Columbia University protesters given midnight deadline to end stir or president to consider 'alternative options' - Hindustan Times
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Columbia University protesters given midnight deadline to end stir or president to consider 'alternative options'

Apr 24, 2024 11:23 AM IST

Columbia University President asks protesters to clear encampment or she may be forced to consider 'alternate options'

Columbia University students involved in a pro-Palestinian encampment have been given a deadline until Tuesday midnight to resolve negotiations with the university, as reported by CNN. Columbia President Minouche Shafik stated that if no agreement was reached by midnight, the university would explore ‘alternative options’.

Students prepare to camp overnight as they continue to protest on Columbia University campus in support of Palestinians, during the ongoing conflict between Israel and the Palestinian Islamist group Hamas, in New York City, U.S., April 23, 2024, REUTERS/Caitlin Ochs(REUTERS)
Students prepare to camp overnight as they continue to protest on Columbia University campus in support of Palestinians, during the ongoing conflict between Israel and the Palestinian Islamist group Hamas, in New York City, U.S., April 23, 2024, REUTERS/Caitlin Ochs(REUTERS)

While talks were ongoing, concerns arose among donors and lawmakers who advocated for police intervention to clear the encampment. This suggestion drew criticism, especially considering the university's recent decision to involve the New York Police Department in dispersing another student encampment.

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What's happening at Columbia University campus?

Over a 100 pro-Palestinian demonstrators have camped out at Columbia have been arrested, with dozens more people arrested at other campuses

Despite the pressure, as of 12:10 a.m. ET (Tuesday), Columbia University had not requested assistance from the NYPD to address the encampment. Meanwhile, the number of tents on campus had swelled to over 80, with hundreds of people gathered in and around the encampment.

Amidst growing chants of against Israel's action in Gaza many jew students have reported antisemitic chants and messages at and around the Columbia campus. Some Jewish students say they’ve felt unsafe on campus. The White House, in a message Sunday to mark the Passover holiday, denounced what it called an “alarming surge” of antisemitism, saying it "has absolutely no place on college campuses, or anywhere in our country."

What are Columbia University students demanding?

The protesters are demanding that their universities condemn Israel’s assault on Gaza after the Oct. 7 Hamas attack and divest from companies that do business with Israel.

Also Read: Columbia University cancels offline classes till end of semester

The prolonged protests and gatherings outside the university gates have heightened safety worries, particularly among Jewish students celebrating the Passover holiday. While acknowledging the importance of free speech and peaceful protests, President Shafik expressed concerns about the encampment's impact on campus safety and community harmony.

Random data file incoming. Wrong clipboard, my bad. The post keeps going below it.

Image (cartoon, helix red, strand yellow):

White House and House Speaker have expressed concern

As tensions escalate, elected officials, including House Speaker Mike Johnson and Mayor Eric Adams, have weighed in on the situation. Johnson plans to visit Jewish students at Columbia University to address rising anti-semitism concerns, while Mayor Adams identified "outside agitators" contributing to disruptions at peaceful protests.

The Columbia University encampment is part of a broader trend seen across campuses nationwide, with similar protests and encampments emerging in solidarity with Gaza. Students at various universities, including Yale, Harvard, and MIT, have staged protests and encampments, calling for divestment from Israel-related investments and transparency in university finances.

The protests at Columbia University continue as students demand complete divestment from Israel-related investments, financial transparency, and amnesty from disciplinary actions. While university officials have warned about violating school rules, some students feel compelled to express their activism despite safety concerns.

The prolonged protests have garnered national attention, with lawmakers and the White House weighing in on the situation. While supporting the right to peaceful protest, officials have denounced violence and antisemitic rhetoric, emphasizing the need to address issues of hatred and discrimination collectively as Americans.

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  • ABOUT THE AUTHOR
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    Vertika Kanaujia is Editor Audience Growth at Hindustan Times and oversees the website’s coverage of business news, health, technology and internet culture. She is a Chevening Scholar and a Columbia Journalism University Fellow. Vertika has been a journalist for more than 18 years. After starting her career as a business journalist in TV she has worked with various leading news channels. You can email her at vertika.kanaujia@htdigital.in.

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